Following up on a study that found widespread failures in simulated child resuscitation among emergency room staff, a research team from the Johns Hopkins Children’s Center and Duke University Medical Center reports that it doesn’t take much more than a mock trauma drill to diagnose the shortcomings and brief refreshers to get ER workers’ performance sharp again. Their report appears in the November issue of Pediatric Emergency Care.
The investigators note that both studies involved adult ERs in community hospitals and adult trauma centers rather than pediatric ER teams who specialize in child resuscitation. Of the 20 million children injured in the United States each year, only 20 percent end up in specialized pediatric ERs or pediatric trauma centers.
The lesson learned is that improvements in ER trauma resuscitation and other critical care given to children can be seen after brief performance tests and refresher programs, the researchers say.
“The bad news is that failures are widespread, but the good news is that fairly simple refreshers based on quick analysis of what isn’t working could be really helpful,” says lead investigator Elizabeth Hunt, M.D., M.P.H., a critical-care specialist at Hopkins Children’s. “It’s encouraging to see that in most cases, merely raising a red flag and telling the staff ‘here’s what you did wrong and here’s how it should be done,’ helped them see their own shortcomings and do better the next time.”
In their report, the research team recalled its 2005 study, which found that one-third of North Carolina’s 106 ERs failed in crucial areas while stabilizing a critically injured child during a mock emergency drill. The team then returned to 18 of the 35 ERs, armed with an analysis of what went wrong and refreshed the staff’s knowledge on 44 “tasks,” including ones specific to child resuscitation, such as weight-based dosing of drug treatments, blood sugar assessments and placement of IVs through the bone, a critical alternate route for delivering fluids to children whose veins have constricted due to blood loss or other injury.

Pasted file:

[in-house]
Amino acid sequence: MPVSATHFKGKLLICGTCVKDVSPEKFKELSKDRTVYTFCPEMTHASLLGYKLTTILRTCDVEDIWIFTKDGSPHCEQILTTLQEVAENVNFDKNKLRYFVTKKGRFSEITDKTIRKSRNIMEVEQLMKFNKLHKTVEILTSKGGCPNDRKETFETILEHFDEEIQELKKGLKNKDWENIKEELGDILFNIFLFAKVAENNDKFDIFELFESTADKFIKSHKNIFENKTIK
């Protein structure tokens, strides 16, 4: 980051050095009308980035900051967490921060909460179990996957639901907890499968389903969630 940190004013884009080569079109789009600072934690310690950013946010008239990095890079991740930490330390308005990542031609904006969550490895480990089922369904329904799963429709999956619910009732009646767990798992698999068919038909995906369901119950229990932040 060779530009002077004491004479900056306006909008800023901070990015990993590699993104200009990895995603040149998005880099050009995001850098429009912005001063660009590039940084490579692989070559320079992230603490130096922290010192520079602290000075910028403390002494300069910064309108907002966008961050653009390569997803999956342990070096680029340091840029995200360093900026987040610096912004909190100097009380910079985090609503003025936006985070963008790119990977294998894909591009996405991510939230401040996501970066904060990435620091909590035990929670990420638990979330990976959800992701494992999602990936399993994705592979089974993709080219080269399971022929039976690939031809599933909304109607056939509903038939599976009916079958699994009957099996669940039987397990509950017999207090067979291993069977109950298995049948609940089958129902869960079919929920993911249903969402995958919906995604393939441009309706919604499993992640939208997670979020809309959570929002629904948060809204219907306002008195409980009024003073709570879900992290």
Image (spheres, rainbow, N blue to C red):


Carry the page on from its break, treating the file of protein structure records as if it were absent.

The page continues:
In the current study, the team made surprise visits to18 ERs six months later and found that scores on 37 of the 44 tasks improved, and scores on 11 of the most important ones, such as accessing circulation through the bone or performing head examinations, improved significantly.
For example, following the refresher, the number of ERs properly estimating a child’s weight nearly doubled; the number of ERs correctly assessing consciousness in a child nearly quadrupled; twice as many ER teams properly started an IV through the bone; more than twice as many ordered the correct antiseizure medications; and more than twice as many correctly prepared a child for transport to CT scanners or operating rooms, a critical time when many problems can occur.
“Our findings would seem to offer a practical recipe for running a quick diagnostic test of ER skills related to resuscitating children from catastrophe and improving them,” Hunt says.
“In situ,” or on-location, disaster simulations are already a monthly happening at Hopkins Children’s, where trauma teams rate their own performance and diagnose problems in each other.
Researchers note that some tasks on their list of 44 still need improvement, including assessing for neurological and spine injuries, delivering proper weight-based and timely doses of dextrose to stop life-threatening drops in blood sugar and correctly administering IV fluids. Failures on these tasks can also have catastrophic results, the investigators say, and more research is needed to understand why staff continued to perform poorly. The researchers caution that failures during mock drills do not necessarily reflect performance during a genuine emergency, when trauma teams experience “adrenaline surge” and ultra-sharp focus on the patient, and actual patients provide constant feedback to the team’s actions, prompting more appropriate responses. “You can’t exactly duplicate an actual trauma,” Hunt says.
Trauma is the number-one cause of death in children under 14 years of age.
Other Hopkins researchers in the study: Margaret Heine, B.S.
Co-investigators from Duke University: Susan Hohenhaus, R.N., Xuemei Luo, Ph.D., and Karen Frush, M.D